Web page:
DOLE FOOD COMPANY, INC. ANNOUNCES IMPROVED SECOND QUARTER AND YEAR-TO-DATE NET INCOME FROM CONTINUING OPERATIONS AND WRITE-DOWN OF GOODWILL ON ITS FRESH-CUT FLOWER OPERATIONS
WESTLAKE VILLAGE, California - July 18, 2002
Dole Food Company, Inc. (NYSE: DOL) announced Thursday a 100% increase in its second quarter 2002 net income from continuing operations to $66.8 million, or $1.18 per share, contrasted with $33.3 million, or 59 cents per share, for the second quarter of 2001. Year-to-date net income from continuing operations increased 94% to $123.1 million, or $2.17 per share, up from $62.7 million, or $1.12 per share, for the same period of 2001. Second quarter and year-to-date numbers for 2001 included an $8.9 million pre-tax gain from the sale of investments and a $28 million pre-tax expense primarily related to asset write-downs resulting from business reconfiguration programs initiated during the second quarter of 2001. Excluding these items, net income from continuing operations was $46.7 million for the second quarter of 2001 and $76.2 million for year-to-date 2001.
Improvements in gross margin, quarter over quarter and year over year, as well as a reduction in the company's full year effective tax rate to 28% from 32%, due to a change in the mix of earnings, drove the increased net income from continuing operations. Offsetting these increases were costs from a one-time debt extinguishment premium of approximately $2.5 million pre-tax and higher interest expense of approximately $3.7 million pre-tax as a result of the company's recently completed $400 million senior note issuance. Both of these actions place the company in a better position in managing its debt maturity structure.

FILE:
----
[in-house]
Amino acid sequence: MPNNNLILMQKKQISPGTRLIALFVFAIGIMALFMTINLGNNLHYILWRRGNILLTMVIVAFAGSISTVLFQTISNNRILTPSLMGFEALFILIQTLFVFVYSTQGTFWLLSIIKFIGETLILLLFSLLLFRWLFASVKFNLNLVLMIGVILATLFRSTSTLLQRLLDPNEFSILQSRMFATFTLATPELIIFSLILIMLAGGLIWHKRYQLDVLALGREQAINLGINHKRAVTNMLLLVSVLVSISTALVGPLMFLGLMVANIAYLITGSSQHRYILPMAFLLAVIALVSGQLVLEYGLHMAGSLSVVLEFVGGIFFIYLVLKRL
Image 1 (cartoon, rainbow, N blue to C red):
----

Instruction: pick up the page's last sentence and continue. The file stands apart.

In the second quarter of 2002, reported net income of $66.8 million was up from $37.0 million for the second quarter of 2001. For year-to-date 2002, net income fell to $3.2 million from $71.7 million in the corresponding period of 2001, owing to a non-cash, after-tax charge of $119.9 million from the write-off of goodwill associated with the company's fresh-cut flower business, which was occasioned by the change in U.S. accounting principles related to goodwill.
For the second quarter of 2002, earnings before interest and taxes ("EBIT") from continuing operations improved significantly to $107.7 million from $87.4 million for the second quarter of 2001. EBIT from operations in the company's fresh fruit segment increased due to higher earnings in banana operations, which benefited from the company's global cost cutting actions. These benefits were partially offset by lower volumes sold in Europe and Asia and a weaker yen to U.S. dollar exchange rate. In the company's fresh vegetables segment, EBIT decreased significantly, as commodity vegetables pricing fell to more normal levels from the exceptionally high levels that prevailed in the second quarter of 2001. In the company's packaged foods segment, the continued success of Dole's FRUIT BOWLSÂ® and FRUIT-N-GEL BOWLSÂ® products led to an increase in operating results. EBIT in the company's fresh-cut flowers segment decreased significantly as a result of lower pricing and decreased sales volumes.